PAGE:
Fundamentally downbeat, but still told with warmth and well-tuned perfs, Bulgarian drama “Monkeys in Winter” explores the lives of three mothers from separate generations facing bleak decisions. Helmer Milena Andonova’s grounding in shorts shows through in this, her feature debut, and yet a certain thematic harmony is achieved by pic’s subtle juxtapositions of the heroine’s different fates. Winner of top prize at Karlovy Vary’s competish for best Eastern European film, “Monkeys” should find shelter at further fests and could settle in niche and specialist distribution treetops in select territories, particularly south of the Danube and east of the Rhine.
Plots of the three strands are only glancingly related, with just settings and minor details shared. For instance, in both of the last two stories, characters watch a nature documentary on TV about monkeys protecting their young during a snowstorm. These simian images not only give pic its title but also provide ironic counterpoint to characters here who behave in so-called “unnatural” ways.
Opening segment, pic’s most straightforward, is set in 1961 and tracks Dona (Bulgarian thrush Bonka Ilieva-Boni), a lusty woman of Gypsy extraction, living in the suburbs outside the capital of Sofia and raising three kids by herself. Deserted by her b.f., and with bailiffs threatening to seize the family’s meager possessions, Dona accepts an offer from a local party official to match her with an elderly spouse. But when her vile new husband makes a move on her young daughter, Dona reacts with primal fury.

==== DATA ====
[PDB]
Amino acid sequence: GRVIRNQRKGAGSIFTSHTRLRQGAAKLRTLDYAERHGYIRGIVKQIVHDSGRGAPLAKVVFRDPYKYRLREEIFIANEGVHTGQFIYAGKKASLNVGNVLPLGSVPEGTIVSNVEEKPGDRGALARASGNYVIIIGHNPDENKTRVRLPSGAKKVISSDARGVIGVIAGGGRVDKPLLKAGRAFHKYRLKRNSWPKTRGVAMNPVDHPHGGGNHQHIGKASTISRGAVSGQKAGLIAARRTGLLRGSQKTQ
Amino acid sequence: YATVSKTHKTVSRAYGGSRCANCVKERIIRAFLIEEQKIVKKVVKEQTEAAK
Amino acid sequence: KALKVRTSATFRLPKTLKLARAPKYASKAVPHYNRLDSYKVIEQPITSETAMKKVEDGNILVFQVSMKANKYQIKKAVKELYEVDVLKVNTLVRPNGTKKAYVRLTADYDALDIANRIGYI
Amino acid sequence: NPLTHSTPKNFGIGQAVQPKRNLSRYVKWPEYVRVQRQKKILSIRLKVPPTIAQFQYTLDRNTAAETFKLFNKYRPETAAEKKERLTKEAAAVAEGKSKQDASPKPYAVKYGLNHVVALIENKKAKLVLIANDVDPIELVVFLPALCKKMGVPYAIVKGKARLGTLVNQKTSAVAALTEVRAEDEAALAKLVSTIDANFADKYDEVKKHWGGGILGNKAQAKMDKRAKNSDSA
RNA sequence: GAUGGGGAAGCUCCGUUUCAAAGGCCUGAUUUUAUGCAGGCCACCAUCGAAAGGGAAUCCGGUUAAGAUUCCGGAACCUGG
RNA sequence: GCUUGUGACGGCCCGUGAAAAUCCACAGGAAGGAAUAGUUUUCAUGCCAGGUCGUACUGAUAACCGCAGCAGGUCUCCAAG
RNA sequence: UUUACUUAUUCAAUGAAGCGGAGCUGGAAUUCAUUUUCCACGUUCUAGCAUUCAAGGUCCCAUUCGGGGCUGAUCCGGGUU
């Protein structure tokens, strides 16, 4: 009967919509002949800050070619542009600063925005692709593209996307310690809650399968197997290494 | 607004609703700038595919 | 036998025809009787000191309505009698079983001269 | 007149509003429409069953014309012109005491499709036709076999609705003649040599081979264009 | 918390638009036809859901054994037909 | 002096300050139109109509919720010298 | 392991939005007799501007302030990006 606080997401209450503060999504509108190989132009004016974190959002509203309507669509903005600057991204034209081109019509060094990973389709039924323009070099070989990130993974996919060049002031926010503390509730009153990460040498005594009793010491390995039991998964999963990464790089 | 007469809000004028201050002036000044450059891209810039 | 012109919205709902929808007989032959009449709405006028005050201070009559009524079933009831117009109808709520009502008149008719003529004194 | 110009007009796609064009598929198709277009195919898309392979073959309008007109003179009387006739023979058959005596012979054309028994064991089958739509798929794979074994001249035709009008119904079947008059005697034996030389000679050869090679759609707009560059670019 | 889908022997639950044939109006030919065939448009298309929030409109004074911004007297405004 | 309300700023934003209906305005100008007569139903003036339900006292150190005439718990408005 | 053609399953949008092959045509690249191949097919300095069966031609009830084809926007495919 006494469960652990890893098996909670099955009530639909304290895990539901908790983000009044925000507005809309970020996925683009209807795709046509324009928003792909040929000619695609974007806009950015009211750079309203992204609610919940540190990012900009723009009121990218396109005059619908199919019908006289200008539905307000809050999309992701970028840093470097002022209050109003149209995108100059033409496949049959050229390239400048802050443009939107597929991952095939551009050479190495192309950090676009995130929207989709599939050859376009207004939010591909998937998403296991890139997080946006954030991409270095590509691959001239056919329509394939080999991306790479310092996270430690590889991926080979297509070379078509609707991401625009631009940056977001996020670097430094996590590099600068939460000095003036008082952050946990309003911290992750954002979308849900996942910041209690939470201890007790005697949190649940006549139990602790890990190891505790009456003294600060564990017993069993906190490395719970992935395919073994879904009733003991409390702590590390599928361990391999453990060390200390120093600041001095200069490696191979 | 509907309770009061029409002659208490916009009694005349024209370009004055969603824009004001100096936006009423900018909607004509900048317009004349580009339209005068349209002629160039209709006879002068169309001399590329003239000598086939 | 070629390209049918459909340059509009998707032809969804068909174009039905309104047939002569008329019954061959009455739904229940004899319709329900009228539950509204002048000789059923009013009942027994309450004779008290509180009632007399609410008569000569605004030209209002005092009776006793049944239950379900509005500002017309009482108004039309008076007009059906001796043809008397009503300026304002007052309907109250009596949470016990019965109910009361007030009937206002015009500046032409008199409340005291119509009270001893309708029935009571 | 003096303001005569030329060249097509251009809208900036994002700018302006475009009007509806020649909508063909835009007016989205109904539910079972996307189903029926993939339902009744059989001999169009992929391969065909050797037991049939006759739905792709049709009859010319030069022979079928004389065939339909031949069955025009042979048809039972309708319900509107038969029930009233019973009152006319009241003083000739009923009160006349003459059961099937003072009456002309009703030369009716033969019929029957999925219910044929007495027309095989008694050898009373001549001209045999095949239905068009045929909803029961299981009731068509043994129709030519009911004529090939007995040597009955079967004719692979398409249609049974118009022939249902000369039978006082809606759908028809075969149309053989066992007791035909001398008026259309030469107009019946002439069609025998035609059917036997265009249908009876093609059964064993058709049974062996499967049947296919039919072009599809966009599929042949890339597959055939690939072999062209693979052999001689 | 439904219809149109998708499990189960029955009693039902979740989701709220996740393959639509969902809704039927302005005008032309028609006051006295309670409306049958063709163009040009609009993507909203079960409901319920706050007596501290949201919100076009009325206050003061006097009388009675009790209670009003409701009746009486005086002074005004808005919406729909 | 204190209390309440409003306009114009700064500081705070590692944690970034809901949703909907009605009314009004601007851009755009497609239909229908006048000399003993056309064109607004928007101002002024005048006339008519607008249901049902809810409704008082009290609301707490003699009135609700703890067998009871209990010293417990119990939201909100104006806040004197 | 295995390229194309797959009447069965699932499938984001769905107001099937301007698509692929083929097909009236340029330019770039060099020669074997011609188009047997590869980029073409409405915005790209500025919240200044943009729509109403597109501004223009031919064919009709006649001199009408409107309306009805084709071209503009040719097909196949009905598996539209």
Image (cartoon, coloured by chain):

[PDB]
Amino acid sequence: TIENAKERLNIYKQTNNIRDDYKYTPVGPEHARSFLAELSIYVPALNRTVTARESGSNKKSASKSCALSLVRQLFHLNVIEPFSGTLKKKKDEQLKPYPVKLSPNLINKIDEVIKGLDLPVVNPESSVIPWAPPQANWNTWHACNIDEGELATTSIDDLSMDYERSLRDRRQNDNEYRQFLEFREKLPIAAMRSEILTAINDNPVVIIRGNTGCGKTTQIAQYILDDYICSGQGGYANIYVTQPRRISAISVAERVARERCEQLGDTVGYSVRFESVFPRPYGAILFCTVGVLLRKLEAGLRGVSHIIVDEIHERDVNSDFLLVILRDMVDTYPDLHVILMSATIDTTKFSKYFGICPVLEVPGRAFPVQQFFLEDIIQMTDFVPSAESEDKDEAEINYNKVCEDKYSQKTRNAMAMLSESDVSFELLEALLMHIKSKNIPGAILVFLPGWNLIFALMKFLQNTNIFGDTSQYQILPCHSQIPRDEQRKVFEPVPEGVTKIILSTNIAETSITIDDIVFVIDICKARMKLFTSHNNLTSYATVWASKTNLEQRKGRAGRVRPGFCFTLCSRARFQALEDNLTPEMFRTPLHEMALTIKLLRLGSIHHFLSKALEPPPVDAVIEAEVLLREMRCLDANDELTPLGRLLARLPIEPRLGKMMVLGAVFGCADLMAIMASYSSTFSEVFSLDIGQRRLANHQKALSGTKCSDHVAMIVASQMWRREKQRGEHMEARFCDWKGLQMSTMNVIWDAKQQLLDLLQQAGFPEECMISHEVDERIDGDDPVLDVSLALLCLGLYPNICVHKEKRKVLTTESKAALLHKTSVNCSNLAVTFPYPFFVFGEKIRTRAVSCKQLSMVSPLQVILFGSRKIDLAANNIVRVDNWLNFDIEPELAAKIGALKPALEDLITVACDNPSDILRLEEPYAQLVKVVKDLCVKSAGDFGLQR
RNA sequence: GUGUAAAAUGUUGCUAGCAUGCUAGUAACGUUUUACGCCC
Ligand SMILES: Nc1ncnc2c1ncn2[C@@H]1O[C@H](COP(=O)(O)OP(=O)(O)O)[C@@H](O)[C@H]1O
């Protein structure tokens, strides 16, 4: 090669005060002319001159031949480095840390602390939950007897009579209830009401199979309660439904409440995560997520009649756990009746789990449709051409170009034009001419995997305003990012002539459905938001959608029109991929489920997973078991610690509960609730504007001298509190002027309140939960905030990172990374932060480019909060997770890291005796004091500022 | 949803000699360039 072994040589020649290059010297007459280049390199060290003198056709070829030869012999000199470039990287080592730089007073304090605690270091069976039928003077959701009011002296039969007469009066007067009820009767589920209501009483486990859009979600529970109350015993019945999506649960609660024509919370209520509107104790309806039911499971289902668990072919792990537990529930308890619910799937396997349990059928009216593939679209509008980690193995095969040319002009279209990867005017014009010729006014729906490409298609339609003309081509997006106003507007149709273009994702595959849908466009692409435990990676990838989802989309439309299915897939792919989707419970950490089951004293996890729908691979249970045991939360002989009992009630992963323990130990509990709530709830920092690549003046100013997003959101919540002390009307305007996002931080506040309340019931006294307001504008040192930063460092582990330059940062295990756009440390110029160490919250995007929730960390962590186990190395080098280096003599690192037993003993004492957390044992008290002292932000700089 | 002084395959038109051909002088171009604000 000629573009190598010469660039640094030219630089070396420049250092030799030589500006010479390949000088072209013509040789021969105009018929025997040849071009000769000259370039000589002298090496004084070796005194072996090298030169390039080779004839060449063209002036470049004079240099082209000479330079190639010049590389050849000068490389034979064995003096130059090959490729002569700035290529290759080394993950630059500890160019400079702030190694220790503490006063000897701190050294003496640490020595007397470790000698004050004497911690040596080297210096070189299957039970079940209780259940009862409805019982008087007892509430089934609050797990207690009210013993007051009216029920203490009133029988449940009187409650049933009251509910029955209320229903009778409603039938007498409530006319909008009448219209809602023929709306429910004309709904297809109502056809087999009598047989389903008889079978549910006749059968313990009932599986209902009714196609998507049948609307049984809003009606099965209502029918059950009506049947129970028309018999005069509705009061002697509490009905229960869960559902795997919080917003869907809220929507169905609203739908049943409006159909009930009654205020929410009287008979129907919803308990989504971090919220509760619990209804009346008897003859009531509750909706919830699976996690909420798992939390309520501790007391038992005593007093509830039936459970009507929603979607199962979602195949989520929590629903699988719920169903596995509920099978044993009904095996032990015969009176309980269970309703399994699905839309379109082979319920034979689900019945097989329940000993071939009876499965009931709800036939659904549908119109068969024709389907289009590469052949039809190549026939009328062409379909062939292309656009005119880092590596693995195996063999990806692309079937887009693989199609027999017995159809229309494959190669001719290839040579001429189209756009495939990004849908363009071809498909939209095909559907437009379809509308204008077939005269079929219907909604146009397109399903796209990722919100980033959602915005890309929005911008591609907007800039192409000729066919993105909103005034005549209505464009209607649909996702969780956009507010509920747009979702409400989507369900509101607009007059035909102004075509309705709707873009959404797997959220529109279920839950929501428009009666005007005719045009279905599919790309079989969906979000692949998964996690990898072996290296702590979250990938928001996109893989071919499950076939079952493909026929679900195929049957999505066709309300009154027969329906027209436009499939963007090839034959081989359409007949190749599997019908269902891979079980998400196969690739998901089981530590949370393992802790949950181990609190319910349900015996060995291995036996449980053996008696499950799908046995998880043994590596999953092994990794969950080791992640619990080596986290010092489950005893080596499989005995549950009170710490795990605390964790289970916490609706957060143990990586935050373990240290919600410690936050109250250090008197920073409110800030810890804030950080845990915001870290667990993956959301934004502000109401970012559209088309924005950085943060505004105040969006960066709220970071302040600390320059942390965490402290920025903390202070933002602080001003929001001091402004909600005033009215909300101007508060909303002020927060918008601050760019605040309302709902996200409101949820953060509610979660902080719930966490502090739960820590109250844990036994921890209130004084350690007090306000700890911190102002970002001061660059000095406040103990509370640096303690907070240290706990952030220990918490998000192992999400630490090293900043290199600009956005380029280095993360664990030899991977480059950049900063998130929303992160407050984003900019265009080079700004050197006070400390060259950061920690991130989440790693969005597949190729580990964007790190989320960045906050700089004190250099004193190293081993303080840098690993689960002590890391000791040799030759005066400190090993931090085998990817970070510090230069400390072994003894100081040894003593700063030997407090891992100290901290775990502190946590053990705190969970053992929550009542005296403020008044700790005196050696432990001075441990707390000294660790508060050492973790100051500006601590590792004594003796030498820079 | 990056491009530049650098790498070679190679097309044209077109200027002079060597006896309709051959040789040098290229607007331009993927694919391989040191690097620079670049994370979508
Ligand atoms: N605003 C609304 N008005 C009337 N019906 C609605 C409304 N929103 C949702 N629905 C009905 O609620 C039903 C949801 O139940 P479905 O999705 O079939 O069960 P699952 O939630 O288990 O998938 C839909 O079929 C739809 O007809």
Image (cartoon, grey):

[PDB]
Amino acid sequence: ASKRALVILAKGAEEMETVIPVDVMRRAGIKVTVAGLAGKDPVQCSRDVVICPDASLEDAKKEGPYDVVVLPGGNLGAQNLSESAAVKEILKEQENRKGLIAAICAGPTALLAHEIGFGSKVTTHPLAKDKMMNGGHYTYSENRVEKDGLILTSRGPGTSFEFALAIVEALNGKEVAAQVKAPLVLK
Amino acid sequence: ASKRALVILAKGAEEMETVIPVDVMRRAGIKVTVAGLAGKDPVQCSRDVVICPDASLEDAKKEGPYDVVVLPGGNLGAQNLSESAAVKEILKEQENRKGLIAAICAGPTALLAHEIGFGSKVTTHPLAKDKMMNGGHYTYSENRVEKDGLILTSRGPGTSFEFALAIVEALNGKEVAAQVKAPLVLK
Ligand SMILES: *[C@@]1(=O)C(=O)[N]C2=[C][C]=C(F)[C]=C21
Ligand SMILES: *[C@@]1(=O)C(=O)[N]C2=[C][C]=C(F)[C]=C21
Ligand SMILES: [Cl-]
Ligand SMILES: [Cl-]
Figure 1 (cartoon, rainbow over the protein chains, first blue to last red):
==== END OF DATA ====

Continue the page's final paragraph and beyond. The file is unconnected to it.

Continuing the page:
The story set in 1981 follows law student Lucretia (newcomer Diana Dobreva, whose long black hair and sorrowful eyes evoke a living Modigliani figure). In order to avoid being sent back to the sticks upon graduation, she tries to get herself knocked up by another student. When she really does get pregnant, however, her lack of faith in her b.f.’s love leads her to commit the aforementioned “unnatural” act out of fear he’ll leave her.
Final strand centers round Tana (local star Angelina Slavova), the wife of wealthy businessman Lazar, whose property development project just happens to involve destroying Dona’s now-derelict house. Happily in love, Tana and Lazar have everything except a child. When Lazar is told he’s infertile, everything turns sour.
Despite grim trajectory of every story, pic sports sparkly jet beads of black humor throughout that relieve gloom, for instance when both Lucretia and Tana visit the same sex clinic where a robustly rude receptionist humiliates them both. Use of 40-year time span lightly underscores how women’s lives in Bulgarian society have both changed and not changed with the fall of Communism.
Pro craft contributions ensure each segment has a different visual texture and rhythm above and beyond the use of period details.